At this year’s SiriusDecisions EMEA summit we hosted a lunch and learn panel focusing on ‘The Many Faces of Centralized Marketing’.
Darian Sims, B2B Marketing Excellence Director, Canon EMEA
Kevin Clarke, Marketing Director, UK Business, British Gas
Greg Dorban, Chief Strategy Officer, Ledger Bennett
Kevin Smith, B2B Marketing Consultant
The session brought this diverse group of experienced professionals together to discuss the role of centralized marketing in the modern B2B ecosystem and featured highly valuable contributions from Canon and British Gas. Covering everything from what is centralization, to the ways in which it can be applied and the lessons that have been learnt along the way, it was a fantastic opportunity to share real-life experiences with the world.
Here are our top 5 insights from the session:
Lay the foundation for centralization, then iterate towards your goal
When it comes to building a centralized marketing function, it’s important to take baby steps before going all-in. Senior stakeholder and business buy-in are essential to achieving long-term success, but making so many fundamental changes all at once is risky and impractical. Break down bigger ambitions into chunks and work towards progressing in each, learning along the way and building stakeholder credibility. This approach was unanimously agreed amongst the panel – THIS is the way you win.
Don’t overlook the performance gains centralization can offer
Most people get into centralization looking for productivity gains, but this leads many to overlook the value of the performance opportunities on offer as well. Improving agility around execution, homing in on high performance areas, enhancing flexibility around budget allocation and faster change management can all be achieved with a centralized approach to marketing. These gains really are too valuable to miss.
Agility is critical for meaningful progress
With so many pieces in play across the centralized model, maintaining agility is key to making steady progress. Ensure unnecessarily large builds or an excess of stakeholders isn’t holding back key decision makers when it matters most. In many cases, early projects are scaled to more than 20 countries/languages, so you want to make sure there’s flexibility at the start to adapt the foundation before going BIG (Kevin Smith).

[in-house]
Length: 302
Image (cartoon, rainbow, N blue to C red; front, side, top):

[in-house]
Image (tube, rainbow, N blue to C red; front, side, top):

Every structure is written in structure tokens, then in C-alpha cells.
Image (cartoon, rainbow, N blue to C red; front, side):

Simplify adoption where possible
Achieving internal buy-in is critical to the short and long-term success of a centralized marketing function and so simplifying adoption should be a top priority (Darian Sims and Kevin Smith). If transition is difficult, friction will grow and impede progress. Stakeholders who have a significant impact on the outcome of centralization should be assisted and given the resources to make a smooth transition.
Target easier little wins and build from there
To get the project off the ground, choose initial pilots and prototypes that are easy to deliver within the business (Greg Dorban). The criteria for success on Day 1 should not be totally commercially focused, instead, it needs to be used as an opportunity to demonstrate that automation works and show that the model can increase productivity at scale. This helps incentivize and drive adoption as these lead indicators allude to the commercial impacts that could be seen on results over time. On Day 1, it makes total sense that the central unit will not be as strong as Day 90. It’s important to remember, momentum around results is critical to successful implementation on a larger scale. Don’t go for markets where the business is weak or lacks the knowledge/history to achieve success. Align with business strengths and prioritize accordingly. (Darian Sims)
For more great content from SiriusDecisions’ EMEA summit, check out the results of our live centralized marketing session research.